Small satellites – the innovation that's disrupting the space industry
For the first time, the space industry is attracting Silicon Valley firms and entrepreneurs. Will these young companies disrupt the space industry with their lightweight, cost-effective small satellites?
In the past five years, the space sector has grown more than six fold, with ten new satellite manufacturers appearing since 2005.
Amongst the new entrants in the space industry are tech giants Facebook and Google, who have been developing a new type of satellite to provide space-based internet to emerging and developing economies.
Until recently, prohibitive costs associated with the industry have served as a barrier to entry, with the combined cost of building and launching satellites themselves often exceeding the $1 billion mark.
This has meant that the space market has been characterised by both a small number of a manufacturers, and a small number of customers.
But the development of SmallSats – lightweight satellites that utilise components that could be found in a smartphone – has shaken things up, paving the way for young companies and start-ups to disrupt the market.
The ability to develop lightweight satellites at a fraction of the cost of the established big players in the space industry would appear to threaten the market position of the industry’s incumbent firms.
Yet while new entrants start to produce cost-effective alternatives to the major industry players, this does not necessarily mean they will replace the incumbent firms and their existing, larger satellites.
The reason comes down to supply chain management.
Supply chain academics emphasise that business success is not a simple as just coming up with a new and cost-effective product.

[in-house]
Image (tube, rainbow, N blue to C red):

Whether or not space industry disruptors prove successful will depend on their ability to optimize their supply chain strategy – not just on developing new products or technology.
First of all, there is question of how well these new entrants will relate to value networks – the contexts within which firms identify and respond to customer needs, solve problems, gather input, react to competitors, and seek profit.
Second, is the matter of the distinctive, hard-to-replicate resources and capabilities that existing firms have developed. These resources, made up of integrated combinations of assets and capabilities are cultivated slowly over time.
The incumbent space industry firms possess strong distinct outside-in-capabilities in design, testing, and manufacturing, as well as in the technology development and transformation processes required to build large satellites for institutional customers.
There are also specific questions surrounding the launch of SmallSats.
Initiatives from PayPal and the founders of Amazon are starting to work on reusable launchers, which are expected to reduce launch costs by 50%.
But at present, the are no reliable small launchers on the market. This means that companies that wish to launch SmallSats are dependent on existing large satellite launchers, forcing them to collaborate with incumbent firms.
What’s more, large satellite manufacturers are ultimately aware of the enormous business potential of space-based broadband internet and related services. They can appreciate the role that they themselves can play in building and launching hundreds or even thousands of their own SmallSats.
While a lot of excitement surrounds the new breed of space start-ups, they will struggle to bring about disruptive innovation by themselves.
The success of these start-ups will hinge on self-awareness, as disruptors seek to identify which of their distinct capabilities have the potential to generate value, as well as to develop the new capabilities necessary to capitalize on emerging opportunities.
Read more! This animation is based on “Taking advantage of disruptive innovation through changes in value networks: insights from the space industry”, published in Supply Chain Management: An International Journal.